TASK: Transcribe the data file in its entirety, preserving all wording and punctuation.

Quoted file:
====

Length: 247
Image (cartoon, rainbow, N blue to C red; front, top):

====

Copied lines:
Length: 247
Image (cartoon, rainbow, N blue to C red; front, top):